Catching Flies with Honeypots
I’ve been running a honeypot for a few weeks. I feel like I got a few posts of content out of doing it, so this will be the first of a few. In this first, I’ll talk about the honeypot I set up, some technical issues I ran into with it, and how I handled them.
I deployed T-Mobile’s Tpotce in AWS. This honeypot checked several boxes for me:
- Easy to deploy
- Internet accessible
- A wide range of honeypot services
- Data Analyzed and Parsed
This diagram spells it out the best:
You have a large number of containerized services with restricted admin access back into the box. All the services log to a subdirectory in /data and those logs are ingested into an ELK stack built into the tool.
Dashboards and Visualizations
T-Mobile really put an amazing amount of work into this. The visualizations that come out of the box are incredible. You get a great overview of thes ervices and can go to individual dashboards per service to get more detailed data. This is the default global dashboard:
You get a ton of data here, including which ports are being hit the most frequently, which countries most of the attacks are sourced from, and global overviews of counts of attacks per port or service.
This is the dashboard for one of the most interesting honeypots, cowrie. This is an SSH/Telnet honeypot and what’s great about it is also captures files attackers attempt to upload to it.
I ran into a problem pretty quickly runing this honeypot. After about an hour, I would lose network connectivity to the honeypot. I tried a few basic things to troubleshoot, tinkering with dhcp settings, ipv6 settings, reviewing available default logs, setting systemd to log persistently to disk so I could review logs and reviewing those, and some other stuff. I also found I was not the only one experiencing this issue.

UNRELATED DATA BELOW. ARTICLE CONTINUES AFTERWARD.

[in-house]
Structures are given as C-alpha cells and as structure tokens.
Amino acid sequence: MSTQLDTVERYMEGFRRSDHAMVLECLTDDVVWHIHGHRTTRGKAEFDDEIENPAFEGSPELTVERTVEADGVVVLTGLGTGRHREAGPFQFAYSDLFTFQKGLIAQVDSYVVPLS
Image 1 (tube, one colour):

In the end, I enabled AWS system health checks and triggered an automatic reboot. With a health check triggering a reboot every hour after about 2 minutes of downtime, I think I was seeing about 2-4 minutes of downtime each hour. This ended up being good enough for the duration of my testing.
Cost and Other Things
I ran this on the recommended image size, a t3.large instance with Debian 10 as the OS. The cost ended up being about $2.50 a day, which isn’t that bad for all the data I collected. I don’t think you’d want to run this on anything smaller as it is likely to get starved for resources and crash. I tried it on a t3.small and it struggled beyond the point of usefulness. My recommendation is to run it for a set period of time within your budget, snapshot and export the image, and then keep it offline for analysis.
This is a snapshot of my billing dashboard. After the initial spike from monthly recurring costs (unrelated to this project, mainly DNS stuff), costs are pretty steady. While the instance itself costs only 2 bucks a month, I paid another 40 cents per month on top of that for the 128gb EBS volume. Pretty cheap for 2 cores, 8gb ram, and 128gb of disk in the cloud.
This is a really good bang for your buck way to learn what’s out there and what it looks like when it hits an internet facing system. Everywhere I’ve worked has had pretty tightly locked down perimeters and there’s never anything this horrifyingly vulnerable exposed to the internet, so this is a really unique way to get an idea of what the internet looks like from a vulnerable system’s perspective.
For follow up posts, I’ll go through attacks I saw and what the uploaded files tried to do. Thanks for reading!